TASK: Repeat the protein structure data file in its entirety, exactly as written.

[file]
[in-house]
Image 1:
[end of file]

[in-house]
Image 1: